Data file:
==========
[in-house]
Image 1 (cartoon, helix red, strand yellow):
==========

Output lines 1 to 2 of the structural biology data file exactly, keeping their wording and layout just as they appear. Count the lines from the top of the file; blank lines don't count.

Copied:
[in-house]
Image 1 (cartoon, helix red, strand yellow):